FJ: Tradition can also become a burden.
LT: I don't think that tradition is ever a burden. I think tradition is an asset because nothing comes out of nowhere. Anything of value doesn't just come out of nowhere. Charlie Parker didn't come out of nowhere. Even Ornette Coleman, who was a revolutionary in a sense, didn't come out of nowhere. We all carry the tradition. It is just how you absorb the tradition and make it yours. You find your voice through absorbing the tradition and the more you know, the more you have absorbed, the more you can create. When I was very young, I used to say that I was going to try something really different and see if I could be the next great innovator and it didn't take long to realize that that was not the way to go. Innovation is something that comes out of an evolution. It is more of an evolving thing than a radical thing. That is how I feel about it. The players that hit me are usually the players that actually understand the tradition. There are a lot of 'avant-garde' musicians that dabble in the tradition and they usually screw it up and they haven't really worked hard enough at understanding where everything comes from.
FJ: When did you begin your collaborations with Toshiko Akiyoshi?
LT: We met in '67. I was playing in Clark Terry's band. It was kind of an all-star band that I got into. I was one of the few un-all-stars. I was in the band and Toshiko was subbing for the regular pianist, Don Friedman, and she was looking for a tenor player to play her concert. She had Joe Farrell and Joe couldn't do it and then she heard me and said that I was the guy she wanted for her Town Hall concert. So that is how we met. The strange part about it is that I didn't do her concert. I went to California with Thad Jones and Mel Lewis. I didn't make her concert, but I guess she didn't hold it against me too badly. Once in a while, she brings it up even to this day. Toshiko has an elephant's memory when it comes to stuff like that. Anyway, it is kind of a joke. It has been an ongoing joke for all these years. Later on, she had some small group gigs and she called me to do and we had some projects that we did and that is how we started out. The first gigs that I did with her, there were no arrangements involved. We just played. But then, she wrote a lot of music for her trios in the old days and then she started to write some quartet music. In fact, we used to get together fairly regularly with rhythm sections and she would bring in some arrangements that we would play. Eventually, we did a recording with the quintet with Kenny Dorham, where she wrote most of the music.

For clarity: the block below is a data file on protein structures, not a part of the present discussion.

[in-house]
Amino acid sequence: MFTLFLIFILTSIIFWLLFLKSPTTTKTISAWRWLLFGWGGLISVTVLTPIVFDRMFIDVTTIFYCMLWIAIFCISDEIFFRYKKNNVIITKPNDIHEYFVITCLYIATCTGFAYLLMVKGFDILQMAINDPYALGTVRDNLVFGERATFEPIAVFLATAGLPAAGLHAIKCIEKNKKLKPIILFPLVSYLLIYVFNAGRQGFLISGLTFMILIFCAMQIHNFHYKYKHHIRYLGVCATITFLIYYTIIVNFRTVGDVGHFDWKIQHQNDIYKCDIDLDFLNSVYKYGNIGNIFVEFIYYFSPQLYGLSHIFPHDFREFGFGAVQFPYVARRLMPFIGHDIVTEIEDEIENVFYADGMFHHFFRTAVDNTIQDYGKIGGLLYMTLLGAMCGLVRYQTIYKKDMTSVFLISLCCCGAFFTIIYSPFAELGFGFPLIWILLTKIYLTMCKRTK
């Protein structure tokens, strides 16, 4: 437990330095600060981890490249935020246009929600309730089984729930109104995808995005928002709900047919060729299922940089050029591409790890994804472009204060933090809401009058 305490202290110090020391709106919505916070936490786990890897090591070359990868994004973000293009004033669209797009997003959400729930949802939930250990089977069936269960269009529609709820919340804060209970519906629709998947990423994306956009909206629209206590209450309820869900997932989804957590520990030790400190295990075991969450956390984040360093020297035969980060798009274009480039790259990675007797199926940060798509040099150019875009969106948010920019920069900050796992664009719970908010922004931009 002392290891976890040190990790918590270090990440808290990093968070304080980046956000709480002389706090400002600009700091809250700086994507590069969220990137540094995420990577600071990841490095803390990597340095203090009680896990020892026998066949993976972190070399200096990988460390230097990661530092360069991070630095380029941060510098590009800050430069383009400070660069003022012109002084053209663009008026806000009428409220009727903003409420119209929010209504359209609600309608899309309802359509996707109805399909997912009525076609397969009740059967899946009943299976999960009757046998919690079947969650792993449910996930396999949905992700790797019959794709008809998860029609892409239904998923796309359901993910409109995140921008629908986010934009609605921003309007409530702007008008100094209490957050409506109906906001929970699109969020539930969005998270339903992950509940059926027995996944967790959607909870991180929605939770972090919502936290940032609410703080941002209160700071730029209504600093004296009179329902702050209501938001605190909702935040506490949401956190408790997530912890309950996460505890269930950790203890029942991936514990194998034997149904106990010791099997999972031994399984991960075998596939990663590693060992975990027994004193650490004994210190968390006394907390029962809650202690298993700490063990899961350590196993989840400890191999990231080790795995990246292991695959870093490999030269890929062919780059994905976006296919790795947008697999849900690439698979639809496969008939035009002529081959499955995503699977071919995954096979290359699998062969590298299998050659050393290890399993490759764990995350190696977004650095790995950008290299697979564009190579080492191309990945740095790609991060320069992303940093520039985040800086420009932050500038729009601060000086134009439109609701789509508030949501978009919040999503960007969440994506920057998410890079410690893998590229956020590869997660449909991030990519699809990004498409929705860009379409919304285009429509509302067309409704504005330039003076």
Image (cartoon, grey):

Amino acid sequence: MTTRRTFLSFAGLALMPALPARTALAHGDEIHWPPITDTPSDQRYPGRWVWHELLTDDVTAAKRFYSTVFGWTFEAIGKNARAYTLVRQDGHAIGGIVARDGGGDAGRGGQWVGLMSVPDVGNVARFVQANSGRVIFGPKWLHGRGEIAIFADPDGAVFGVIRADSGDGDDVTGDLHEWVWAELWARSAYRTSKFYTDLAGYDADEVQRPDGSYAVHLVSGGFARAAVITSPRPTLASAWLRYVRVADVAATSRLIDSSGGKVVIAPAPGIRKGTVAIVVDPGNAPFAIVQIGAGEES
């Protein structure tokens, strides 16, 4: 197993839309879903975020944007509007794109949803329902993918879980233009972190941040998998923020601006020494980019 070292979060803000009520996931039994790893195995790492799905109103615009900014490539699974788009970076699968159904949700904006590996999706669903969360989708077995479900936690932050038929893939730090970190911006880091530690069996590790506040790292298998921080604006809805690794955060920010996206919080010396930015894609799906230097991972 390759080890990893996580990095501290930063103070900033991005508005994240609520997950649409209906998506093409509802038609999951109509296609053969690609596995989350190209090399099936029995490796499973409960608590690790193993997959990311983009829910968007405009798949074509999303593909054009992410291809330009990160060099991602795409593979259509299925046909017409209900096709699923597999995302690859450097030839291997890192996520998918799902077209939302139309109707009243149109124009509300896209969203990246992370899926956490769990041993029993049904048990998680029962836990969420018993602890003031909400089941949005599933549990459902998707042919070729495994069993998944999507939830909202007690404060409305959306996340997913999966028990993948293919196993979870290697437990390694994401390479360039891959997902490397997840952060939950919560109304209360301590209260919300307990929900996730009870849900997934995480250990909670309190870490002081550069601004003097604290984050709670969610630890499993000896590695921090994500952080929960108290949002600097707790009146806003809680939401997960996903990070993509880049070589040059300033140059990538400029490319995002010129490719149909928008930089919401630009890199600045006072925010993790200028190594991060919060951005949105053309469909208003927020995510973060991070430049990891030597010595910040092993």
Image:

In a way, some of the stuff in the big band is an extension of that. So she is very compositional. I think she always was. When she was a trio player, she was very compositional. She listened to a lot of Bud Powell and he was too. His compositions are quite remarkable. The big band thing was basically, almost an accident. When she did the Town Hall concert in '67 that I didn't make, she wrote three or four arrangements for big band and the concert consisted of solo, duo, trio, big band, something like that. So when we moved to Los Angeles in '72, people were calling me to play in their rehearsal bands and most of them were pretty boring and I just didn't find them interesting. So I just offhandedly mentioned to Toshiko that I knew she had a few charts that she wrote for the concert, maybe I would get some guys together and we would just play for fun. We started rehearsing at the musicians union in Los Angeles, Local 47. I think in those days, it was fifty cents and hour or three hours. I don't remember, but it was nothing. We started doing it and we had all kinds of people come in and out of the band. Some guys couldn't relate to the music and other considered it a challenge. We kept on doing it. It was ten in the morning on Wednesdays. It was quite interesting. She started to write more stuff and before you knew it, we had music to play and we started to get the personnel that made sense and that was the beginning. But it was never meant to be a real working band. It was just something to do like a workshop. It snowballed. You are in Los Angeles right, Fred?